Tuesday, February 22, 2011

Take Note (short story, plus tips to keep writing) by Leanne Dyck

Me: Recently, I've been engaged in life and have little time to write.

You: Sounds like an excuse. If you want to write, you find the time.

Me: Yes, but, what if it's something more. What if, it's writers' block. What...Do. I do. Then?

You: Why don't you read this article you wrote...


Take Note

He found the note on the breakfast table. There it was beside his scrambled eggs and toast. He picked it up and read it over slowly. It was Sunday--he had the time. 

    Piss off! You heard me. Leave. I don't want you around. I don't anything for you--no money, no booze, no nothin'. Isn't it bad enough that I'm trapped in this tin piss can without you tormenting me? I don't need you. I don't need anyone. I'm just fine on my own, thank you very much. I don't need your help. I don't need your pity. If you stay, one of the two of us is going to get hurt and I can guarantee it won't be me. So get the hell out of my house! Why are you still here? Are you deaf, dumb, and stupid!


He smiled. Smiled--at such a note? Was he insane?

Maybe. He did, after all, love a writer. That required some degree of insanity.

Yes, he smiled. He smiled because he knew her writer's block was over. Thor had found his hammer. The angels had found their harps. And his wife had found her muse. All was right with the world; she was back at work.

As if she were dancing on sunbeams, she floated into the kitchen. "Did you read it?"

What did he say? What could he say? "Um, yes. Yes, I did."

"Well, what do you think?"

"It's rather...ah...strong."

"I know." Her entire face shone like the sun. "I'm not sure where it fits yet. But that doesn't matter. I've started. That's the hardest part. Starting." She joined him at the table, her hand smoothing the paper. "Sometimes it's like assembling a jigsaw puzzle. Only you don't have to find all the corner pieces first. You just have to find a piece."

Yes, he had to admit, it did help to be a little insane.


Oh, yes I'm very familiar with writers' block. So familiar am I, in fact, that I've devised ways and means to overcome it. These strategies have worked for me--I hope they work for you.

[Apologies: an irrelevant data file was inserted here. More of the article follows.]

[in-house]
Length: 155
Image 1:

Release: One word leads to another. So grab a pen and write the first thing that comes to your mind--how cute your boyfriend looks in jeans; what you love about your new job; the weather. Write.

While you write, don't worry about word count, grammar, or spelling. Simply allow words to pour out of your pen uncensored. The only goal here is to relax and release.

Pep talk: It's often beneficial to seek the advice of others who've faced the same obstacle. So, talk with or read the books of fellow writers to discover their strategies.

Books that have helped me, include...
Steven King's On Writing
James Scott Bell's Plot & Structure
Nancy Lamb's The Art and Craft of Storytelling.

Make a habit of it: Writing every day will lead to wanting/needing to write every day. 

Be publically accountable: As a member of a critique group, my self-imposed expectation is that I have something to share at each meeting. If I don't, my peers will know. For me, this external means of accountability is a strong motivator.

Give yourself time:  It could be that the sentence you're currently unable to write is simply beyond your writing skill level. What helps me is giving myself time to read good books. Learning how others craft a sentence helps me find my author's voice. 

Change of scenery: Sometimes unblocking can be as easy as going for a walk. Physical exercise allows my brain to work, while the rest of me is otherwise engaged.

Create:  If the words aren't coming, I pick up my knitting needles and cast on stitches. Creating something physically often leads me to put words on paper.  


All writers face it, you will overcome it--believe in yourself.